This historic reflation is experimental.  We've never had central banks around the globe expand their balance sheets like they are currently.  Remember I said in November that "everyone's doing it"?  Well, the five large central banks are - it started with Japan, went to US now it's the rest of the world in a collaborated effort.  Again, this is an experiment people (more on this by Jim Bianco (former UBS strategist), below)).

Not much "Product"

What is not charted here is the yield on Safe Income at a Reasonable Price.  Guess what?  It's WAY down.  Remember in past Insights, how I've mentioned Alcoa and Internatational Paper Senior Bonds?  Among others?  Remember how I've stated, some of you clients know, because you owned/own them and you were/are privy to those higher yields because you bought them back before the crowds starting clamoring over them.  You see, at this point,SIRP bonds face a serious scarcity issue.  Baby Boomers are retiring by the hundreds of thousands.  And you know what the smart ones know?  They know that they need income for retirement.  And they also know that their peak earnings years are behind them.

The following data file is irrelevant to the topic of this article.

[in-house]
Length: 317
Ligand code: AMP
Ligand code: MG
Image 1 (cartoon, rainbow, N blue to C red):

8) Dudley speaks the truth about the real unemployment story 

From my lens, you may have heard me say this to you - I see many $300k / year jobs going away (broadly), and being replaced (broadly), with $30k / year service jobs.  So, though, the statistical numbers are the quantitative truth, there's a qualitative truth that is untold in the numbers.

Based on their comments, Bernanke and Dudley are not believers in the labor reports, either.

The ways that the unemployment figures are presented are very, very confusing...

Unemployment truth examples:

The U-3 number is the "official" unemployment rate.  It is 8.3%.  HOWEVER...

 - There is a U-5 number that includes discouraged or other marginally attached workers.  Then the unemployment rate climbs to 9.9%;